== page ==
-Andrew immigrated to the United States and brought with him a man by the name of Shing. Shing was Andrew’s father. But not his biological father. Shing wasn’t from where Andrew was from. Andrew spoke Mandarin. Shing did not. Shing also didn’t speak English. Shing spoke Shing. A series of grunts and high pitched giggles that he’d answer any and all questions with.  On breaks he would eat a whole fish and a single orange. Then he would sit with his arms crossed and sleep for exactly 20 minutes. On the dot. There was no give or take, he woke up on the dot every break he took. He must have had a biological clock equal in accuracy to a digital clock.  One time, while Shing slept, we crept into the dining area next to the kitchen.  We carefully and quietly took down the clock on the wall.  We spun the hands until it was almost an hour ahead.  We quietly crept back into the kitchen and waited another 30 seconds.  Then we burst into the dining room screaming and telling Shing that the Chinese food was all gone and angry customers were lined up demanding food. Shing looked up at the clock then made a sound similar to a seven year old who has never seen fireworks before. He jumped up squealing and ran to the Chinese counter. When he saw that all the food was still there and no one was waiting he giggled and acted like he was going to slap all of us in the face.  I was curious how he had known what we were saying…

-At one point the Chinese department got a new employee. His name was….no one really knew his name.  He was an old Asian man who claimed he had been a General in the Taiwanese military. We started calling him General Tso. General Tso had bad back problems and also couldn’t read English very well.  One time, while gathering various necessities (probably 10 pound jugs of soy sauce and wok oil) General Tso climbed the wooden ladder to the top of the produce fridge.  This was where all the food departments kept their extra materials.  For 12 feet you were safely above the produce fridge.  But if you crossed a black and yellow striped line, you were now walking on the ceiling tiles of the Meat Department.  In big block letters was a warning message that went something like this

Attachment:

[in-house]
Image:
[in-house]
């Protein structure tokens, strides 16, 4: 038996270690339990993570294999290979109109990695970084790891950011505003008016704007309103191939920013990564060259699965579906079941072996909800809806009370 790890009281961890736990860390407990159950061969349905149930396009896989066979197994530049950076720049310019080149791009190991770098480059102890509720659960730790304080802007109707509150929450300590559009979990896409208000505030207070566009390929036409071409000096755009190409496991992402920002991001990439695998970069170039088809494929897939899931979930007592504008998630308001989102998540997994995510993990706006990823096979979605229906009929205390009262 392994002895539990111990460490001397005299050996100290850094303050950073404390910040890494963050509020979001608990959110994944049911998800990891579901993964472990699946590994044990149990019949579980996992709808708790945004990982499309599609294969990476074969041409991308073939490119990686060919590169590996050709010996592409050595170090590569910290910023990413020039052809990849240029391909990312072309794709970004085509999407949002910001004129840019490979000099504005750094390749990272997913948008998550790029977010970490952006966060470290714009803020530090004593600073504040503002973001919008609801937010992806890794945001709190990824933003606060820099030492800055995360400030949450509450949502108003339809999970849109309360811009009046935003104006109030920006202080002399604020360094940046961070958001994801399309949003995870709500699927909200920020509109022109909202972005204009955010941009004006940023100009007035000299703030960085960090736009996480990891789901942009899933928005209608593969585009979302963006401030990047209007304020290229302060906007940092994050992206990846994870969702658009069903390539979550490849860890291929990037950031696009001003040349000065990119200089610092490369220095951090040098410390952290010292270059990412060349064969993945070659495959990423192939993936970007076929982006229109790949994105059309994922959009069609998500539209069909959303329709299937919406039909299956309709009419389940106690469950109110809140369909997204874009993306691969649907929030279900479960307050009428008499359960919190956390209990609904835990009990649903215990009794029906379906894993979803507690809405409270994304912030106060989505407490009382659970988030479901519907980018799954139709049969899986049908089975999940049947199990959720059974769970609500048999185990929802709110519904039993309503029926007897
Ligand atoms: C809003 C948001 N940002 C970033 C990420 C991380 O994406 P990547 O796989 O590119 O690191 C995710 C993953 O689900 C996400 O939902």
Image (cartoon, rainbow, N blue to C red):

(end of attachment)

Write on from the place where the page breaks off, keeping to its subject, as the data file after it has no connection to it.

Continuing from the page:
DO NOT CROSS THIS LINE

General Tso couldn’t read English very well. General Tso, holding a vat of soy sauce crossed the black and yellow striped line and went crashing through the Meat Department’s ceiling.  During business hours people at the Meat counter were treated to a high pitched scream accompanied by an elderly Asian man coming through the ceiling.  He landed about two feet from an operating meat slicer.  Having hurt his back even worse General Tso hung up his apron and disappeared. I bet he’s dead now.

-People in the kitchen had a close and complicated relationship with the guys who worked in the Produce Department.  We shared good times together. Like when we would soak knives in rubber cement and then light them on fire.  As you stood there holding two flaming cleavers you would have a friend take your picture while the flames licked your wrist and burnt off the hair in patches that would never grow back. Sometimes you would drop the knives and flaming droplets of rubber cement would spray off and land on things, burning them or catching them on fire. Safety was our main concern.

-One time, a worker in the Produce Department (this guy had once played golf and drank a beer per hole) put two M-80s (a pretty decent sized explosive) into a whole watermelon.  During business hours he placed this watermelon into a trash compactor and set it off. The boom rattled through the entire store, scaring people going through the cashier lines at the opposite end of the store. That guy was cool. He isn’t dead.